BIR World Mirror on Recovered Paper – Issue January/February 2024: Challenges of 2023 persist into 2024
A concise summary of the BIR World Mirror on Recovered Paper – Issue January 2024. Full version with detailed market reports available in the Members Only section of the BIR website.
The attacks on commercial vessels and ongoing tensions in the Red Sea have adversely affected an overseas trade which was said to have “flourished” earlier in the fourth quarter of 2023, it is reported in the latest BIR World Mirror publication compiled by the global recycling organization’s Paper Division.
The immediate impact has been extended transit times to export destinations in India and elsewhere in Asia as shipping companies have opted to divert vessels around the southern tip of Africa. There has been an upward spike in freight costs as well as reports of cancelled orders and revoked vessel space bookings. From the buyers’ perspective, uncertainty over deliveries has added a new complexity to their raw material procurement planning.
In many parts of Europe, recovered fibre market conditions in early 2024 have been similar to those prevailing for much of 2023, with low demand from the mills and weaker collection rates. In late December, many paper and board manufacturers implemented longer shutdowns than normal around the holiday period, contributing ultimately to an enforced price reduction on the lower grades despite resistance from sellers, it is reported from Germany.
Weak demand and falling prices are said to have become part of daily life for those companies handling the high grades. Despite low collection volumes, strong competition from pulp is said to be making substitutes difficult to sell.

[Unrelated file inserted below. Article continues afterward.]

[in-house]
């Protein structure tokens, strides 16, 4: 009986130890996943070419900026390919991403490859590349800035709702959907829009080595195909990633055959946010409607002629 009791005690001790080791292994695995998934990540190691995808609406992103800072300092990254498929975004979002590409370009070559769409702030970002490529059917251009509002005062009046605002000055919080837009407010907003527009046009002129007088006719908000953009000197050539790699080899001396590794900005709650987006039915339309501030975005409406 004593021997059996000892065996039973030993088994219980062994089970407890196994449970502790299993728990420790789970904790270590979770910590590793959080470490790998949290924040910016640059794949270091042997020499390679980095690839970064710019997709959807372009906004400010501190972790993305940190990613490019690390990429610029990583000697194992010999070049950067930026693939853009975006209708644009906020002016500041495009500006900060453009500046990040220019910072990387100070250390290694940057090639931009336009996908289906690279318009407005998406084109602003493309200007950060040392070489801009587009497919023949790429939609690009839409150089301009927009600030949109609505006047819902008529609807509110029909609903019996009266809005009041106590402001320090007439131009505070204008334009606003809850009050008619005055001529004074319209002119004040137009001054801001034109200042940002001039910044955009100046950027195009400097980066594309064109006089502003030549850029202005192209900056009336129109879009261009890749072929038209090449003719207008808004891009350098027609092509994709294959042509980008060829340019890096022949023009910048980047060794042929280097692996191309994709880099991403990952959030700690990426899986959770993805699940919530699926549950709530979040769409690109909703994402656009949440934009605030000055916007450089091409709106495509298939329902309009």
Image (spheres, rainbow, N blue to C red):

According to feedback from Scandinavia, one positive has been the increase in demand experienced in the insulation sector over the final quarter of last year, for both new construction and renovation.
The contraction in demand continued throughout 2023 for producers in Turkey, particularly for brown paper mills where capacity utilization rates decreased to typically 70%. Contributing factors were the country’s high levels of inflation as well as the effects of the February 2023 earthquake. Paper mills and recovered paper collection companies have been unable to raise their sales prices sufficiently despite increasing costs and falling production volumes.
Recovered paper availability fell around 20% across Turkey last year and stock levels are therefore at minimum levels for mills and recovered fibre businesses. With winter conditions adversely affecting the quality of Turkey’s collected volumes, recovered fibre imports remain an essential component of its paper and board industry’s raw material mix.
Across in the USA, decreasing supplies were behind the January increase in Fastmarkets/RISI PPI Pulp and Paper Week prices for OCC and mixed paper. Domestic mills remain nervous about securing sufficient feedstock to keep their machines running and so have been bidding up prices. OCC, mixed paper and DLK are said to be much in demand across the whole of the USA.
When compared to the same period in 2022, data for the first 10 months of 2023 reveal a reduction in US recovered fibre exports to India, Indonesia, Taiwan and South Korea, as well as to Mexico where last year’s decline in shipped volumes is put at around 50%. In contrast, Malaysia and Thailand significantly increased their buying of US material.
With contributions from its members, BIR publishes periodical commodity reports under the label "BIR World Mirror". These detailed reports exist for Non-Ferrous Metals, Ferrous, Stainless Steel / Alloys, Paper, Plastics and Latin America and provide BIR members with up-to-date information on the respective commodity or market segment.
The report on Non-Ferrous Metals appears once every two months, whereas Ferrous, Stainless Steel, Paper and Plastics are published quarterly. Latin America is covered twice per year.